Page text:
Enumclaw School District budget tightens daily

Enumclaw School District leaders are watching the state budget closely. The governor’s most-recent proposal would deal the district another million-dollar blow, hurting the district’s effort to raise achievement levels of all students, according to Superintendent Mike Nelson.

Enumclaw School District leaders are watching the state budget closely. The governor’s most-recent proposal would deal the district another million-dollar blow, hurting the district’s effort to raise achievement levels of all students, according to Superintendent Mike Nelson.

Nelson presented the latest budget information to members of the Enumclaw School Board at their March 21 meeting.

Nelson has been making a similar presentation to staff across the district since the reductions are likely to put more students in kindergarten through fourth-grade classrooms, which equates to the loss of five teaching positions.

Recently, the state dinged the district with retroactive K-4 staff funding reductions totaling $331,000.

Also likely to be on the chopping block is funding for highly capable students, which could eliminate the district’s ability to provide student access to accelerated and enriched learning.

Salary support for National Board certified teachers and those with higher degrees is also expected to go away.

The anticipated loss for the 2011-12 reductions in K-4 staffing, highly capable and bus depreciation are estimated to be $524,000. The district anticipates additional budget impacts in rising utilities and insurance costs and retirement contributions to the tune of $125,000.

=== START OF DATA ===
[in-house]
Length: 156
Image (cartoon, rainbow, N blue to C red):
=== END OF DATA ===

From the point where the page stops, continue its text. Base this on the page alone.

District leaders also said there will be a loss of federal American Recovery and Reinvestment Act money estimated at nearly $468,000, which help fund special education and staff development.

Another expected loss, Nelson said, would be in the whittling away of local effort assistance money, about $256,000. This money goes to districts that are property poor, typically eastern Washington schools where there is a small business tax base.

Total losses to the district, Nelson anticipates, are around $1.4 million.

“An extended session will make it tougher,” Board President Chris VanHoof pointed out, noting the ever-changing budget out of Olympia is making it hard for the district to make plans.

Nelson reminded the board that the proposed cuts are on top of those the district has made during the past four years.

Last year, in addition to the recent retroactive reduction, the district cut back $603,000 in places like K-3 staff reduction; eliminated the Enumclaw High School career center coordinator; postponed a textbook adoption; reduced some staffing hours; eliminated positions; and switched to a four-day sports week at the middle school level.

In 2009, the district made $2 million in cuts to programs like full-day kindergarten, literacy camp, the elementary swim program, sixth-grade camp and Saturday School. Also, there was elimination of a full-time EHS athletic director, Teacher on Special Assignment, career and technical education director. The district also slashed building budgets by 5 percent and cut food service, music and administration budgets.

In 2008, $600,000 was axed by eliminating assistant principals at the middle schools and replacing them with deans; also cut were the professional development and public relations position and six teaching positions.

In 2007, district leaders cut $252,000 by eliminating two teaching positions and the assistant superintendent position.

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